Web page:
Surprise spending exasperates students

Akra Nym

Last week Thursday, the Engineering Department professors sent out an email requiring specific erasers for class. Many students are dissatisfied with this demand, only the latest of several incidents in a chain of strange requests.

The email called specifically for “large Paper Mate Pearl Pink erasers” which students consider unnecessary.

“I’ve been using the same old purple pencil-topper eraser for twelve whole weeks, and it’s been working just fine,” said freshman Amy DeLynn.

DeLynn remembers seeing the email for the first time, peering closely at the screen in disbelief, and then slamming the lid of her laptop closed in disgust. But she isn’t the only one who was miffed by such requests. Several others spent their Friday afternoon on the steps of Jacob’s Ladder with large cardboard signs in protest, but so far with no results.

“I don’t even like pink,” said DeLynn, sighing in frustration.

Sitting back in his cushioned black swivel chair, Professor VanDeer related his reasoning for sending out the email.

“I want the absolute best performance from students,” VanDeer said. He has concluded that top test results are achieved when only optimum tools are used. According to the internet, he claims, the rubber elastomer compound with which the erasers are made create negative space with the exact precision that he finds the assignments require. In further research, VanDeer found that this particular pink parallelogram was designed to suit “everyone from students to serious artists.”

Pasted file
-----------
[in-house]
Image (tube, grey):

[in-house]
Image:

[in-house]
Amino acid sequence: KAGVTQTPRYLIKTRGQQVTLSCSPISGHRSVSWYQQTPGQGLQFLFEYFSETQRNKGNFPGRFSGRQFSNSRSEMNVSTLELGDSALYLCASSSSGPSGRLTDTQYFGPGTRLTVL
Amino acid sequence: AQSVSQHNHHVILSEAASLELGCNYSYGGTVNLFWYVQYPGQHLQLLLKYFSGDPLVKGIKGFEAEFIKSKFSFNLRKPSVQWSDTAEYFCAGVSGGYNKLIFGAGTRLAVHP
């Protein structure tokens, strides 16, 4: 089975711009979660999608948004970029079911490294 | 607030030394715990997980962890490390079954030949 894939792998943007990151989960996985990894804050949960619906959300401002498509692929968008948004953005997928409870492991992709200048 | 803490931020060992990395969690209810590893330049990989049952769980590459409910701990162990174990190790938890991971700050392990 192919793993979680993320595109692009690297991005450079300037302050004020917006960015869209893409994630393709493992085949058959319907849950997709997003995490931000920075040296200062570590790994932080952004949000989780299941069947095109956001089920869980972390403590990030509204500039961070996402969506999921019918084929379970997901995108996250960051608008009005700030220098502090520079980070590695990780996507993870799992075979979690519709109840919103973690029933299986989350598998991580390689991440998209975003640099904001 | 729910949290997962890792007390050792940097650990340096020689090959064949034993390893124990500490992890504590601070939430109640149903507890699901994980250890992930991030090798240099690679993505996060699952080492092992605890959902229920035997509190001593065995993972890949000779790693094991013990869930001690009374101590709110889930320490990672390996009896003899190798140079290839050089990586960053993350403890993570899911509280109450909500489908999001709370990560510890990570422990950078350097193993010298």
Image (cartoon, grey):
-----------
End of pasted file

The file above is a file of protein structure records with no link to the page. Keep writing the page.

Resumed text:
The week before, Engineering professors sent out students in search of a simple mathematical calculator that was not capable of graphing functions. VanDeer especially argues that he wants to challenge his class, and being forced to use a basic hand-held calculator deters them from taking the easy route.

“What’s the big deal?” engineer Jake Wade asked. “First the calculators, now erasers!” said Wade, “I didn’t come to college expecting to invest this much cash into my classes. Don’t they know college students have low budgets?”

So far, Wade hasn’t experienced any problems with using a graphing calculator for his assignments, and he’s not happy with professor expectations for new tools. Wade expressed concern over this progression, even warning other students about taking that course next semester.

“Next thing you know, they’ll make us show up to class with brand-name staplers,” said Wade.

In true thrifty fashion, Wade and a handful of other students pooled their funds and scoured Amazon for the best deals. They soon agreed that the three-pack calculator was a serious save.

The Education department has been suffering as well. Next week the education classes won’t be using the traditional number two pencil – they’ll be filling in the bubbles on their quizzes with Crayola crayons. Professor Martin DeVin explained that the Scantron wasn’t accepting anything else but Crayola marks as of late.

“We’ll market the change as ‘There’s a child in all of us’ or something,” DeVin said.

This article was taken from the Zircon issue of The Dordt Diamond

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